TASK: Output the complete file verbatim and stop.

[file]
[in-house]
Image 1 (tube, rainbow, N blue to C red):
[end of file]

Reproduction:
[in-house]
Image 1 (tube, rainbow, N blue to C red):